Employee misclassification is the practice of labeling workers as independent contractors, rather than employees. The practice allows employers to avoid paying unemployment and other taxes on workers, and from covering them on workers compensation and unemployment insurance.

The practice reduces labor costs for the employer but creates an unlevel playing field when businesses are involved in competitive bidding on projects. Sometimes referred to as the “underground economy,” employee misclassification also has negative consequences for state and federal governments, which are being shorted millions of dollars in tax revenue. Workers who are misclassified as independent contractors work without the legal protections typically afforded to employees, such as wage and hour laws, workers compensation, and unemployment benefits.

Legal Considerations

Defining an employee is a complex issue, involving laws, rules, court cases, and myriad state and federal agencies. The simplest standard is that if an employer has the right to control the work, the worker is an employee, not an independent contractor. More complicated standards require that an employer exercise behavioral and financial control over the worker for the worker to be considered an employee. Factors include the amount of direction provided over the means and results of the work, the possibility of profit or loss for the worker, and whether the worker is free to provide similar services to other businesses.

While the legal requirements are complex and may result in inadvertent miscategorization of workers, a big incentive in misclassifying workers is the savings on labor costs, which typically are a major portion of overhead for businesses. It’s estimated that a business can save 30 percent of their labor costs by using independent contractors rather than employees. That provides a real incentive for businesses to classify their workers as independent contractors, even if the workers are truly employees. While not always a deliberate attempt to flout the law, such savings allow a business to gain a competitive edge over other businesses.

Businesses must abide by state and federal labor laws, including minimum wage and overtime laws, for their employees. Independent contractors are not protected by most state and federal employment laws, including the Fair Labor Standards Act.  They have no workers’ compensation coverage if they are injured on the job and are not entitled to unemployment benefits should they lose their job.

Misclassification of workers has serious consequences for state and federal governments. Improperly classifying workers as independent contractors rather than employees deprives the state and federal governments of properly due tax revenue, including income, Social Security, Medicare, and unemployment taxes, that are needed to pay for public services and benefits such as unemployment insurance.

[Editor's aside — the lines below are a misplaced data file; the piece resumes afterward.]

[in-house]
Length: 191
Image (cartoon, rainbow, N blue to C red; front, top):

Employers pay taxes on employees, but not on independent contractors, so misclassification of workers may result in tax evasion. For an employee, a business must withhold income, Social Security, and Medicare taxes from the employee’s wages, plus pay the employer’s share of Social Security and Medicare taxes, pay unemployment taxes, and provide workers compensation insurance coverage. If a worker is considered an independent contractor, the worker is responsible for paying their own income and self-employment taxes, which can result in underpayment of taxes if a worker does not understand or comply with these obligations.

An overview of key enactments relating to worker misclassification.


  • Mississippi SB 2124
    • Revises the definition of “unemployment” to exclude administrative leave when full compensation for regular wages is received from an employer, allows for partial unemployment benefits when only partial compensation for regular wages is received from an employer, revises the definition of wages to include payments from an employer in lieu of the worker’s regular wages, provides for an additional 2% penalty in certain cases where an employer’s assigned new employer rate results in an increase.


  • California AB 5
    • States the intent of the Legislature to codify the decision in the case of Dynamex Operations West, Inc. V. Superior Court of Los Angeles and clarify its application. Provides that a person providing labor or services for remuneration shall be considered an employee rather than an independent contractor unless the hiring entity demonstrates otherwise. Exempts licensed manicurists until a specified date. Authorizes an action for injunctive relief to prevent employee misclassification.
  • Colorado SB 207
    • Creates a rebuttable presumption that an individual is an independent contractor, allows the individual to establish that the person for whom he or she is performing services does not combine the business operations with the individual’s business and that the individual performs work that is not the primary work of the person, requires the Office of Future of Work to study unemployment assistance, worker benefits, and worker protections.
  • Kentucky HB 186
    • Excludes direct sellers from the definition of employee in regards to payment of wages exempts direct sellers from coverage in regards to workers’ compensation, excludes direct sellers from covered employment in regards to unemployment compensation.